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The Double-Whammy Threat Of Ransomware: Not Always About The Money

Accenture recently filed documents showing that a ransomware attack it suffered months ago led to a data breach. The organization had initially claimed that the ransomware attack had "no impact" on its business.

Accenture stated in its fourth quarter and full fiscal year financial report that the ransomware group responsible for the attack stole company data. The organization experienced "data security incidents resulting from unauthorized access to our and our service providers' systems and unauthorized acquisition of our data and our clients' data including: inadvertent disclosure, misconfiguration of systems, phishing ransomware or malware attacks."

According to the report, Accenture first detected "irregular activity," including "extraction of proprietary information by a third party," in its systems during the fourth quarter of FY 2021. The third party allegedly made some of the data it stole available to the public.

Accenture admitted that some of its customers' sensitive information was compromised. The report stated that clients had experienced "breaches of systems and cloud-based services enabled by or provided by us."

It is believed that the LockBit group carried out the ransomware attack. In August 2021, the ransomware group threatened on its website to leak data stolen from Accenture. LockBit demanded a $50 million ransom in exchange for six terabytes of stolen data.

When it first shared news of the ransomware attack, Accenture maintained that LockBit's claims were false. According to BleepingComputer, Accenture has not yet publicly acknowledged the data breach outside of SEC filings and data breach notification letters filed with the authorities. Lyle Adriano "Accenture confirms ransomware incident also involved data breach" (Oct. 19, 2021).


There is no guarantee that cybercriminals will unlock your organization’s system and remove all malware if a ransom is paid. Some argue paying ransoms only encourages cybercriminals to attack the organization again.

But, beyond that, ransomware attacks now often involve a data breach in which cybercriminals steal valuable sensitive data. In the past, ransomware victims could at least feel like their data was safe from being leaked, but that is no longer the case.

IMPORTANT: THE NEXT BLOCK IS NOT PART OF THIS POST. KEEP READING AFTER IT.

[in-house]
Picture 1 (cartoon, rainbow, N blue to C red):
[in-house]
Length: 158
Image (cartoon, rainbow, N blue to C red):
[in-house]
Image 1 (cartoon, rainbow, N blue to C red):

According to The Coveware Quarterly Ransomware Report, in the third quarter of 2020, nearly half of ransomware attacks included “the threat to release exfiltrated data along with encrypted data.” The report states that cybercriminals use the threat of releasing stolen data “as a monetization conversion kicker.”

In this way, threat actors can force organizations that back up their data—organizations that in the past would have restored their backups and ignored ransom demands—to engage with them to determine what data was stolen.

Coveware notes that several organizations have paid ransoms to keep stolen data from being shared, only to have their data leaked anyway. For example, the ransomware group Sodinokibi re-extorted victims that paid a ransom weeks later over the same data set, and the threat actors Netwalker and Mespinoza each posted data stolen from companies that paid for it to be kept private.

According to Coveware, victims of data exfiltration extortion that do pay cannot be sure that the data will be credibly deleted. They should expect that the data is held by multiple parties without being secured and could be posted by mistake or on purpose after paying a ransom. Plus, unlike negotiating for a decryption key, negotiations to keep data secure could continue indefinitely. “Ransomware Demands continue to rise as Data Exfiltration becomes common, and Maze subdues” (Nov. 04, 2020).

The best protections against both traditional ransomware attacks and those that include data exfiltration extortion are frequent employee training that includes the importance of not clicking on unknown links and attachments and strong cybersecurity practices such as keeping all software updated and employing anti-virus software.

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